This difference between regions of the country may be due to factors such as the number of samples, the analytical method used, and the socioeconomic, health and environmental conditions in different regions.41,42 However, it should be noted that due to the intermittent excretion pattern of G. duodenalis cysts in the stool, the values found in this study may have been underestimated since we analyzed only one stool sample per child.
In this study, sanitation factors were not associated with G. duodenalis, thus corroborating other studies that also found no differences related to these aspects.4,29 On the other hand, family income was determined to be a factor associated with risk of giardiasis. It is known that low-income families are more prone to intestinal parasitic infections, mainly due to the location of housing, which in most cases lacks basic sanitation, such as sewage and treated running water.4,43
World Health Organization has considered giardiasis a zoonosis since 1979, and according to Feng 20115, a greater number of molecular epidemiology studies on giardiasis are needed, since those conducted so far do not allow an adequate evaluation of the epidemiology of giardiasis. In fact, although giardiasis is very common in Brazil, its genetic characterization is still little studied, only indicating that genotypes vary from region to region. Only assemblage A has been found in Rio de Janeiro, while only assemblage B has been observed in Minas Gerais.16,41 On the other hand, the states of Sao Paulo and Parana have shown the presence of both assemblages A and B.15,35,44
The occurrence of assemblages A and B in humans and animals has been detected in analyzing numerous isolates from different species of Giardia hosts and different geographic areas. In fact, the genotypes AI and B have been found in a mixture of human and animal isolates, and these assemblages are therefore considered potentially zoonotic. The AII subassemblage is most common in human isolates, although it has also been found in animals.9,11,45 Given the above, we can infer that in the region studied, zoonotic transmission can be possible because assemblage B isolates were found.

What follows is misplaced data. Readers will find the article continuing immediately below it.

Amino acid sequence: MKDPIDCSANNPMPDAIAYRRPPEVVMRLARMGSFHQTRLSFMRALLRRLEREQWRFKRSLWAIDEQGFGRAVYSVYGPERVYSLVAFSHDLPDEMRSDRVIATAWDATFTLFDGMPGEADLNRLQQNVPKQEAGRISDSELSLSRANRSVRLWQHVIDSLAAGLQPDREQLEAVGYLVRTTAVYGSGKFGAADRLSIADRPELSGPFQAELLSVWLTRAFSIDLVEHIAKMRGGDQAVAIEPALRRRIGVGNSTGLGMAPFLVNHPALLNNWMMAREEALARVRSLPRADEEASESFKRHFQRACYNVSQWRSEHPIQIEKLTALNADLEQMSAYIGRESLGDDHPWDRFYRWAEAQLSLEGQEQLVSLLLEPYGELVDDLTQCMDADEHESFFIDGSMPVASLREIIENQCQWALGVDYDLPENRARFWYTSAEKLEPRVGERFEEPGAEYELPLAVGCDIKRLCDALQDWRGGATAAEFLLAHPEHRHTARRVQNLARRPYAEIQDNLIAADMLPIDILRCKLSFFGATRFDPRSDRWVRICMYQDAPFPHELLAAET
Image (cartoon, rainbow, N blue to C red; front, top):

Besides the zoonotic character, assemblage B exhibits different biological behavior and degrees of virulence.16,23,29,46 According to Kohli et al., children with assemblage B show a greater rate of elimination of cysts.23 This could have resulted in a higher transmission rate and consequently higher incidence of infection in the population studied, in which assemblage B was predominant.
In short, the prevalence of intestinal parasitoses in Parana, Brazil is high, and epidemiological data suggest the need to improve basic sanitation and health education. In addition, the results of this study demonstrate that a G. duodenalis genotype with a zoonotic profile circulates in the area studied, contributing to our knowledge of assemblages circulating in the world and lending support to future works on the molecular and clinical aspects of giardiasis.
These data demonstrate the importance of epidemiological studies for the development of effective strategies with the aim of decreasing the incidence of intestinal parasites in children. Moreover, these results contribute to our knowledge of G. duodenalis assemblages circulating in the world and also offer support for future work on the molecular and clinical aspects of giardiasis.
CONFLICT OF INTEREST
The authors declare that there are no conflicts of interest.
We would like to thank all individuals who cooperated in this research and helped us to fill out the study.